Why should we implement a metadata model company-wide and not just in a single group?
There are several benefits to a company-wide metadata model:
Consistency. Use the same terms, definitions, and classifications across groups and products.
Exchange and integration. Based on a consistent model, you can easily share and reuse information across multiple business processes.
Efficiency. You can reuse terms and definitions, reducing the effort required to create and maintain metadata across groups and systems.
Scalability. As your business grows, you can easily extend the established enterprise-wide metadata model.
Data quality. Consistent information and clear definitions improve the quality of your data.
There are languages for formally describing metadata schemas, such as OWL and RDF. However, you do not need to use these languages. There is also no need to use a knowledge graph for the metadata model. You can develop the model conceptually and then implement it directly in your CCMS or content delivery platform. However, maintaining the model centrally in a semantic database, i.e., a knowledge graph, has the advantage that multiple systems can access it. A standard format like OWL or RDF ensures interoperability. We determine which approach is best for you during the project.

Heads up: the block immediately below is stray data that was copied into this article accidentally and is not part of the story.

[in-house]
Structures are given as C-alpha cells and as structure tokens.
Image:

Are there any standard metadata models that I can use?
There are standard models that you can use as the basis for your metadata model. Each model has its own focus and supports different application areas. Consider your organization's needs when choosing a standard model. Here is a selection of metadata models:
- iiRDS: Standard for the delivery of technical documentation and other types of information as intelligent information. iiRDS defines a uniform metadata vocabulary for semantic enrichment of content and a package format for delivery. Learn more.
- PI classification: Prof. Wolfgang Ziegler's PI classification is a method for developing a metadata model for classifying modular content in CCMS. The PI classification is based on the categorization of metadata according to product and information criteria. Learn more.
- ECLASS: A data standard for the classification of products and services using standardized ISO-compliant characteristics. The ECLASS standard enables the digital exchange of product master data across industries, countries, languages, and organizations. Learn more.
- VDI2770: VDI guideline for the provision of digital documentation.Learn more.
- Dublin Core Metadata Element Set (DCMES): One of the most widely used standard models that provides a simple structure for describing metadata for a variety of resources. DCMES consists of 15 core elements such as title, author, date, description, source, language, and others. Learn more.
- Metadata Object Description Schema (MODS): An XML-based model for bibliographic metadata. Learn more.
- Metadata Encoding & Transmission Standard (METS): ): An XML format defined with XML Schema for describing digital collections of objects with metadata. Learn more.
Which component content management systems (CCMS) does parson work with?
We work with various CCMS, for example:
- Adobe Experience Manager
- COSIMA (docufy)
- Docuglobe and XR/Engineering (gds)
- Empolis Content Lifecycle Manager
- Schema ST4
- Smart Media Creator
Learn more in CCMS for technical documentation.